Some regional militaries tilt left against U.S.


As concern grows over the declining ability of the United States to influence events in faraway places such as Syria, little attention has been paid to a significant loss of influence much closer to home — South America, where there is a concerted effort by radical populist governments to erase any trace of U.S. military doctrine.

The U.S. influence is being replaced by a lethal doctrine of asymmetrical warfare, inspired by authoritarian governments seeking perpetual power and nurtured by Iran.

The most recent step of the Venezuela-led “Bolivarian” bloc of nations came in Argentina in June. President Cristina Fernández de Kirchner carried out a little-noticed but significant purge of the armed forces, forcing out some 30 senior officers and replacing them with loyalists and specialists in internal intelligence.

The Argentine purge is only the latest phase of an historic break with the U.S. military, long an overriding objective of the late Venezuelan president Hugo Chávez and a goal that remains dear to his successor and his main allies, primarily Iran and Russia.

The Venezuela-led Bolivarian alliance — including Ecuador, Bolivia, Argentina and Suriname and others — is replacing the U.S. influence with a toxic mix of anti-democratic values, massive corruption and a doctrine that draws on terrorism and totalitarian revolutionary models, including the justification of the use of weapons of mass destruction against the United States.

During the Cold War, the United States tolerated human-rights abusers and supported bloody dictatorships across the region. But over the past two decades its military doctrine and training have focused on human-rights training, respect for civilian governance and the rule of law. In the process it helped transform Latin American militaries away from their coup-prone and authoritarian past to national defense institutions. Colombia is a vibrant example of that change.

In the Bolivarian bloc, this progress has been reversed. Special counter-narcotics units have been disbanded, joint training halted, and those with links to the United States forced into retirement. Argentina’s new army chief, Gen. César Milani, is loyal to the most militant and anti-U.S. wing of the president’s party and will remain as head of intelligence.

Rather than building militaries under civilian control and subject to the rule of law, the Bolivarian leaders are building militaries in the Cuban and Iranian molds — as instruments of their increasingly authoritarian revolutions, to be used against any “counter-revolutionary” dissent, including peaceful democratic protests.

Once the military leadership is deemed loyal, they are given large parts of the national economy to profit from. Like Iran’s Islamic Revolutionary Guard Corps, Venezuela’s Military Industry Company (CAVIM) is now active in economic spheres far outside the military’s normal purview. At the same time, the narco-corruption in the militaries under the sway of the new doctrine is pervasive.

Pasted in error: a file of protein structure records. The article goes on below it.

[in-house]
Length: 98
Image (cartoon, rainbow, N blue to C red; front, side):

According to its own literature, the new Bolivarian military doctrine rests on the concept of fourth-generation asymmetrical warfare in which a U.S. invasion is the hemisphere’s primary security concern. The doctrine explicitly advocates the use of weapons of mass destruction to defeat or deter such an attack. The model for resistance is Hezbollah, Iran’s terrorist proxy operating across Latin America.

Iranian influence is palpable. The Islamist regime is helping fund the new Bolivarian military academy in Santa Cruz, Bolivia, where the joint doctrine is being developed. The curriculum draws on the work of Jorge Verstringyne, a Spanish academic who praises al Qaida, Hezbollah and suicide bombings while advocating the use of WMD against the United States; Illich Sánchez Ramirez, better known as Carlos the Jackal, a convicted terrorist serving a life sentence, who converted to Shia Islam in prison and wrote Revolutionary Islam, arguing that the Shia Islamic and Marxist revolutions were natural allies; and Ernesto “Ché” Guevara, the Argentine-Cuban Marxist who fought alongside Fidel Castro.

This little noticed but radical shift of posture of the Bolivarian militaries and their growing ties to Iran and drug corruption pose significant challenges to United States and represents a historic break with traditionally friendly allies. It also presents an enormous obstacle to the return of democratic institutions and the rule of law in Venezuela, Argentina and beyond.

Douglas Farah is the president of IBI Consultants, a national security consulting company and a senior non-resident associate of the CSIS Americas Program.

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